Author: Leilani Clark | Published on: August 29, 2016
The next time someone points to the need for more farmers’ markets as a way to help move local food from a trend to a substantive cultural shift, you might consider telling them about the power of institutional purchasing. It may sound less interesting and, on the surface, it certainly is. (Who doesn’t love buying purple carrots to the sound of a didgeridoo?) But bear with us.
You see, public and private institutions spend billions of dollars each year on food.Schools, universities, hospitals, prisons, corporate cafeterias, and senior care facilities share one thing in common—they prepare, cook, and serve thousands of meals every day. Now, a rising national movement wants to persuade these institutions to source a higher percentage of food from regional producers—with an emphasis on farms, fishermen, and and ranches that follow ecologically sound, socially just, and humane practices. It’s called institutional food procurement, and, while it might not have quite as much romance as some other elements of today’s Good Food Movement, some say this follow-the-money strategy could hold the key to transforming the American food system.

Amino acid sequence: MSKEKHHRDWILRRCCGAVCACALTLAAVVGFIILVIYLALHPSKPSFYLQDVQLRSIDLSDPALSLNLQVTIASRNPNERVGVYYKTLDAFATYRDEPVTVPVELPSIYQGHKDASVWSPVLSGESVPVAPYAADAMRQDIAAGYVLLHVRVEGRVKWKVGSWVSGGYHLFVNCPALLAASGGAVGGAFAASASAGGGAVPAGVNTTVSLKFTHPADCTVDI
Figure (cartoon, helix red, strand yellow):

A shift in institutional food buying has the potential for major impacts on not only the local economy, but on food access, according to Amanda Oborne, Vice President of Food and Farms at Ecotrust, an Oregon-based nonprofit that works to advance farm-to-institution initiatives in the Pacific Northwest.
“We put the focus on the buyers with multi-million dollar food procurement budgets because even if they just redirect a couple of percentage points of their budget into the region, that’s going to drive change all the way through the [local] supply chain,” says Oborne. In one example, chefs at Willamette University in Salem, Oregon can order whole hogs from local producers thanks to an innovative partnerships with a meat distribution company.
For Ecotrust, and other farm-to-institution groups across the nation, the goals are two-fold. First, they aim to sway large institutions with huge food budgets to leverage their purchasing power in support of small and mid-sized regional farmers, ranchers, and fisherman as a way to boost the local economies. And to pivot away from consolidated global distributors like Sysco. A second, and just as important goal, is to open up access to healthy, local, and sustainable food for the populations generally served by public institutions.